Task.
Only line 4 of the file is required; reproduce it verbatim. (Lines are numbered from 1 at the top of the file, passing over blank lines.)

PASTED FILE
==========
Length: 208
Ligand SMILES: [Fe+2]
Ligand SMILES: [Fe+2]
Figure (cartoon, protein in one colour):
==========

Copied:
Figure (cartoon, protein in one colour):